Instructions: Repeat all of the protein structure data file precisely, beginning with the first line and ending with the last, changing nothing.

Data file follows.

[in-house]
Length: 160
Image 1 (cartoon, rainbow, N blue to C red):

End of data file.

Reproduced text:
[in-house]
Length: 160
Image 1 (cartoon, rainbow, N blue to C red):